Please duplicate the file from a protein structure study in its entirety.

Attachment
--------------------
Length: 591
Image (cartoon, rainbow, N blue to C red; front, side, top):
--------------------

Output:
Length: 591
Image (cartoon, rainbow, N blue to C red; front, side, top):